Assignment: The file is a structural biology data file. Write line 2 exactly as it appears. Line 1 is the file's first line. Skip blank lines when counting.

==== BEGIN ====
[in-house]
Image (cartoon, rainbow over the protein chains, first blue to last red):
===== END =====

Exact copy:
Image (cartoon, rainbow over the protein chains, first blue to last red):